Lent was not coming to weigh me down — it was coming to lighten my load through prayer, fasting, and almsgiving. So all the more reason to GO BIG.  Make a splash by calling on ALL the GRACES.

So I went to confession this past weekend. I made a fasting plan. I made a schedule. I’m engaging Lent, embracing it. And it requires some disengagement from other distractions that I’ve been having.

In the end, it’s not about how I feel, its about how I respond. If I do the right things I’m called to, my heart will follow.

OK Jesus – here we go!

Let us pray for one another, shall we?  

I’ve compiled good stuff that might help inspire you along the way.

:::

PRAY:

Go to Mass, or if that’s not possible, watch it daily on Catholic TV, or read the bible readings or hear reflections.

Learn how to pray the Rosary.

Learn how to pray the Chaplet of Divine Mercy.

Join an online retreat with Authors Vinita Hampton Wright and Kerry Weber

If you live in the Archdiocese of Boston, there’s confession everywhere… many places around the country are doing the same.

TheLightIsOnForYou.org Advent from Archdiocese of Boston on Vimeo.

READ and USE these Resources:

Get a printable Lenten calendar from the USCCB, with great suggestions for living every day.

Why Do Catholics Practice Fasting and Abstinence? by Deacon Mike Bickerstaff

5 Reasons to Love Fasting by Matthew Warner (I love #4!)

Fasting suggestions from Life Teen

Read the Daily Meditations of Pope Francis

Get daily Lenten reflections from the late great Fr Henri Nouwen in your email.

Watch The Power and Purpose of Confession, a video with Johnnette Benkovic and Fr Mitch Pacwa. (an oldie from 2008)

Catholic Vote has 40 Things You Should Give Up for Lent

40 Ways to Give during Lent, from the gals at Sound Mind and Spirit blog

Simcha Fisher recommends quality spiritual reading at her Register blog.

Find great soups and inspiration for Lent from The Practicing Catholic’s series “Soup and Stories.

100 Things to Do for Lent by Meg Hunter-Kilmer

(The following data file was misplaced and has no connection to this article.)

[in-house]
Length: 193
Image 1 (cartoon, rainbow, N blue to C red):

The award for the most-comprehensive-Lenten-Mega-Post goes to Aggie Catholics for the most resources in one place - you’ll find something there that you like, for sure!

The Social Media Scene:

If you are not fasting from social media, make your social media count!

Be a grateful tweeter, or tithe on your social media!

Check out these Lenten apps recommended by the iPadre - Fr Jay Finelli. Don’t forget the CRS Rice Bowl App!

Follow Pope Francis on Twitter. Oh, and there’s this:

 

Finally, some Podcasts:

Of course, there’s Among Women… 

AW 175: The newest episode is “An Appointment with God”. This features a chat with Allison Gingras about her story of growing in relationship with Christ. It also profiles Mary Clopas, friend of Jesus and Mary, and mother to James the apostle, bishop, and writer of an Epistle. 

From the archives: AW 126: Special Editon for Lent — AW listeners share their favorite Lenten practices

Word on Fire Podcasts: Don’t miss a single Sunday sermon from Fr Robert Barron, or check out his lenten reflections.

iPadre Podcast: Fr Jay Finelli has been podcasting for years!

 

About the Photo above– that’s a photo I took at the Basilica of the National Shrine of the Immaculate Conception in Washington DC. Take a virtual tour. 

Welcome to my chaos, Jesus

Welcome to my chaos, Jesus

It’s been a difficult winter season here. No getting around that. And I’m not just talking about the cold and the snowfall. In some ways, that has added some beauty to the landscape, and frankly, the excuse to cocoon a bit. Just a bit, because I’ve been out straight as they say. To compensate I’ve have to let go of a few things in order to embrace whatever fire is burning in front of me. To that end, I’ve missed writing and working consistently, I’ve missed getting together with friends or experiencing restful downtimes, I’ve missed podcasting, I’ve missed walking, and I’ve missed what I call balance-in-my-life. Even my prayer life — the anchor of each day — has been getting shifted into new times and forms, though that’s not always a bad thing.